It is common for employers to have inflexible return-to-work policies that require employees to return to work immediately following the exhaustion of their workers’ compensation leaves, or else face termination.  But common does not mean legal; just ask the EEOC.  In September, the EEOC received a $62 million settlement from Sears, Roebuck and Co. for violating the Americans With Disabilities Act.  Sears utilized a workers’ compensation leave exhaustion policy whereby employees who failed to return to work upon the expiration of their leaves were summarily terminated.  The EEOC sued the retail giant, claiming it should have considered whether additional leave would have been a reasonable accommodation under the ADA.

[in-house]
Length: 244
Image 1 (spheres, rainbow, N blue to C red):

According to Regional Attorney John Hendrickson of the EEOC’s Chicago District Office, “[t]he era of employers being able to inflexibly and universally apply a leave limits policy without seriously considering the reasonable accommodation requirements of the ADA are over.”  This settlement represents the biggest in EEOC history regarding the ADA.

Employers would be wise to review their leave policies in light of the EEOC’s stance.  If your policy is inflexible, change it now.  Even if it is not, make sure those who apply it understand their ADA obligations with respect to reasonable accommodations.  Manager training in this area is always a good idea.

parking